At first glance, the HTC Sensation Z710t doesn’t differ much from the phone first introduced last spring, but underneath the familiar exterior lurks the new ST Ericsson NovaThor SoC. The handset is headed for China Mobile and couples the 1GHz Nova A9500 dual-core application processor with the Thor M6718 mobile for connectivity to the carriers TD-SCDMA network. The pairing is designed for speed on all fronts.
Otherwise, the Sensation remains largely the same with a 4.3-inch qHD display and 8MP camera. Pricing an release date for the handset are currently not available.
Powerful New ST-Ericsson Platform makes Debut in HTC Sensation Z710t
China Mobile’s latest TD smartphone based on state-of-the-art NovaThor™ platform
Geneva, September 26, 2011 – China Mobile and HTC have launched the first smartphone to be based on ST-Ericsson’s powerful new NovaThor platform. The Sensation Z710t offers consumers immersive 3D graphics, fast web browsing, high-definition multimedia and the ability to run several advanced Android applications simultaneously with exceptional performance and battery life.
Underneath the hood of the HTC Sensation Z710t are ST-Ericsson’s Nova™ A9500 dual-core application processor, running at 1GHz, and ST-Ericsson’s Thor™ M6718 modem, which can connect to China Mobile’s extensive TD-SCDMA network, enabling consumers to get online at broadband speeds across much of China. The HTC Sensation Z710t also sports an eight megapixel camera and a 4.3 inch display.
“ST-Ericsson’s new NovaThor platform has enabled us to develop a world-class Android smartphone for China Mobile’s TD network,” said Matthew Costello, Chief Operating Officer of HTC. “Consumers are going to be captivated by the fast and responsive multimedia experience delivered by the HTC Sensation Z710t.”
“The launch of this exceptional HTC smartphone highlights both the capabilities of our NovaThor platform family and our wholehearted support for China Mobile’s drive to bring world-leading smartphones onto its TD network,” said Pascal Langlois, senior vice president, chief sales and marketing officer of ST-Ericsson. “Consumers and Android application developers alike will relish the raw power and 3D graphical capabilities of the HTC Sensation Z710t.”
After early attempts to strike a name for themselves in both the Android smartphone and tablet arenas, Dell has more recently kept rather quiet on both fronts. Their 10-inch Honeycomb slate, the Streak 10 Pro, didn’t see an extremely wide release as the Dell name has slowly fallen out of most Android discussions. The company looks to make a return in a big way with the announcement of the new Dell Streak Pro 101DL the first full-fledged smartphone entry into the Streak lineup and no slacker in the specs department.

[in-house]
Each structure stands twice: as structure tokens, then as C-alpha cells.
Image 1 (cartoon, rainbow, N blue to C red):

The Streak Pro 101DL is headed for Japan’s SoftBank and features a 4.3-inch Super AMOLED screen at qHD resolution, a 1.5GHz dual-core MSM8260 processor, and an 8MP camera. Other specs include Dell’s Stage 2.0 interface on top of Android 2.3, a 1.3MP front-facing camera, and support for Bluetooth 2.1 and 802.11b/g/n.
Japan is slated to get the phone first but Dell does have global sales plans for the new Steak Pro 101DL. It could give Dell just the boost they need to become a relevant Android contributor once again.
Chinese police have arrested five members of an organized gang that was making and selling fake iPhones. The members would buy components, some of them genuine, on the black market and assemble the phones in rented Shanghai apartments. The police seized about 200 iPhones in the raid. Each iPhone had an estimated build cost of 2,000 yuan (US$313 as of this writing) and sold for almost twice that on the black market. These dupes were so well done that many people had a hard time distinguishing the fake iPhones from the real ones.
It's always been known that imitation iPhones were available in China, but the extent of this forgery was not known until an American blogger posted up images of a phony Apple store earlier this year. This report kicked off a series of subsequent reports detailing similar unauthorized stores that were selling bogus Apple products.
Apple decided to remove the GUI for enabling and disabling FTP from Mac OS X Lion. Generally speaking, that's not a bad move, because most times SFTP is available anywhere FTP is, and SFTP is far superior in terms of security. No one should be using FTP over the Internet.